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Why does the City becoming a rule-taker matter?

by Mark Boleat | 30.05.2018

Mark Boleat is a commentator on public policy issues, specifically Brexit, finance and housing.

The Bank of England and the Treasury are clashing on the future of City regulation post-Brexit, according to yesterday’s FT. The Treasury is giving priority to market access and the Bank to financial stability.

Relations are probably not as bad as the article suggests. But the Treasury and the Bank have different principal interests – tax revenue and employment for the Treasury and financial stability for the Bank.

Currently there are three possible outcomes of the Brexit negotiations on financial services:

  • No special arrangements, in which case Britain becomes a third country with very limited access to the EU under existing “equivalence” arrangements, which don’t even cover huge swathes of the financial services industry.
  • An enhanced equivalence regime, covering more sectors and being less one-sided.
  • Mutual market access, under which Britain and EU would jointly agree to accept each other’s regulatory systems even if they were different.

With equivalence as it now stands Britain would have to satisfy the EU that its arrangements are “equivalent” to those of the EU. The process is as much political as regulatory, and the status can be withdrawn at 30 days’ notice. And, of course, post-Brexit the EU’s regime could be changed in a way that did not suit the UK and we would have no choice but to change our own arrangements to remain equivalent. 

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Equivalence cannot be confined to businesses operating internationally. In effect, it means that businesses that do not operate in the EU would be subject to rules made by the EU. Understandably, British regulators could not accept this. They would in effect lose control of regulation.

An enhanced equivalence regime could partially address this issue – depending on the degree of enhancement. The “30 day” rule could no doubt be modified, and consultation arrangements put in place. However, the scope of the equivalence regime cannot be widened without a number of directives, which would be a lengthy process. And the final decision on whether our rules were equivalent would remain with the European Commission.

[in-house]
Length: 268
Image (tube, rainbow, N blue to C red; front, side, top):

The mutual market access option is logically coherent. But, by all accounts, it is simply not acceptable to the EU as it would give the UK greater influence than a member state would have, and it does not fit into how the EU works.

The probable end result will be an enhanced equivalence regime, but with little enhancement. This may work for a few sub-sectors of the finance industry, but it will not provide market access for most banking and insurance services.

The longer the debate goes on without a firm decision the less relevant it is. The financial services industry is generally working on the basis of a hard Brexit on 29 March 2019. The transition agreement is just a statement of intent and has no legal standing.

In these circumstances, regulated financial institutions, influenced by their lawyers, customers and regulators, must assume a worst-case scenario, and they are getting on with it. In most, but not all, cases they will assume that if they want to do business in the EU post-Brexit this will be through a corporate entity authorised and regulated in the EU27 and with full passporting rights.

Edited by Hugo Dixon

One Response to “Why does the City becoming a rule-taker matter?”

  • All this leads one to believe that we are heading towards one of three things: crashing out on the 29th of March; withdrawing Article 50 Notice before then, probably on the 28th and staying in; or, coming out on the 29th but effectively staying in without voting rights. No one needs me at this stage to list the pitfalls of crashing out or Brexit in name only, but it seems the only sensible option is withdrawing Article 50. Strangely, it is the least damaging and least-discussed option. Given the Government’s lack of policy and lack of preparation, leaving on the 29th, hard-Brexit style, is off the table. Leaving without voting rights would be the cowards’ way out. I think serious consideration and a push towards revocation of Article 50 will start soon, hopefully with the Best for Britain campaign.

    If that happens it’ll be: “Brexit: been; there done that; it were crap!”